- Home hemodialysis has rare but serious adverse events that require having a caregiver present. The sponsor conducted a patient preference information study that showed some patients were willing to accept the risk in exchange of doing dialysis at home alone. This study informed a label expansion for the home hemodialysis device.
- Collecting qualitative feedback from patients proved helpful in enhancing the safety of a continuous glucose monitor and insulin pump for children. CDRH discussed concerns with patients and parents about the safety of using an insulin pump in the young pediatric population. Based on this feedback, CDRH worked with the company to develop additional risk mitigations that included a lockout feature preventing unintended insulin boluses.
For more information, see How Patient Preferences Contribute to Regulatory Decisions for Medical Devices.
CDRH is committed to integrating the patient voice into our decision-making. We acknowledge that patient preference information is an active and evolving research area. We continue to partner with patient groups, public-private partnerships, professional societies, and other stakeholders to advance the field.
- Medical Device Innovation Consortium (MDIC) – Science of Patient Input
- MDIC – Patient Centered Benefit-Risk Framework
Published Studies and Ongoing Projects
FDA scientists have collaborated with a variety of stakeholders to conduct patient preference studies to inform clinical trial design and medical device regulatory decision-making. These patient preference studies have included:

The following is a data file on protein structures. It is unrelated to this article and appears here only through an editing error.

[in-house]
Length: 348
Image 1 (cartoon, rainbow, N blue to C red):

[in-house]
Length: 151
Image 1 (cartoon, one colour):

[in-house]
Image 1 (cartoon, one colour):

- Medical devices for obesity
- Medical devices for Parkinson's disease
- Medical devices for amputation
- Minimally invasive glaucoma surgical devices
Blogs and Articles
- FDA Brings Patients into the Process (09/20/2013)
- FDA's Patient Preference Initiative: The Need for Evolving Tools and Policies (09/16/2016)
- Why Partnerships are Key to the Science of Patient Input (10/02/2016)
- How Patient Preferences Contribute to Regulatory Decisions for Medical Devices (09/25/2017)
- Abstract: A Framework for Incorporating Patient Preferences Regarding Benefits and Risks into Regulatory Assessment of Medical Technologies
- 2013 Workshop – The Patient Preference Initiative: Incorporating Patient Preference Information into the Medical Device Regulatory Processes
- 2017 Workshop – Advancing Use of Patient Preference Information as Scientific Evidence in Medical Product Evaluation
Sponsors or other parties interested in initiating or conducting a patient preference study should email CDRH-PPI@fda.hhs.gov and may consider requesting a q-submission meeting (PDF – 215 KB) to discuss a potential or current patient preference study. We encourage medical device manufacturers and other stakeholders to consult with CDRH early when considering patient preference studies.
In considering patient preference information, the FDA remains committed to assuring that devices are safe and effective. The FDA encourages medical device manufacturers to consider the impact of patient preference information across the entire life cycle of a device—from the development and evaluation to the surveillance of the device once it is sold in the United States. The inclusion of patient preference information does not change any review standards for medical devices.
For more information, refer to these guidance documents:
- Patient Preference Information – Voluntary Submission, Review in Premarket Approval Applications, Humanitarian Device Exemption Applications, and De Novo Requests, and Inclusion in Decision Summaries and Device Labeling (PDF - 766 KB)
- Factors to Consider When Making Benefit-Risk Determinations in Medical Device Premarket Approval and De Novo Classifications (PDF – 1.1 MB)
- Factors to Consider When Making Benefit-Risk Determinations for Medical Device Investigational Device Exemptions (PDF - 749 KB)
- Factors to Consider Regarding Benefit-Risk in Medical Device Product Availability, Compliance, and Enforcement Decisions (PDF - 870 KB)
If you have questions about patient preference information, email CDRH-PPI@fda.hhhs.gov.